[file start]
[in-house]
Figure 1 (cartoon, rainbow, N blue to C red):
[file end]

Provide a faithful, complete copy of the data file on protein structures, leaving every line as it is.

[in-house]
Figure 1 (cartoon, rainbow, N blue to C red):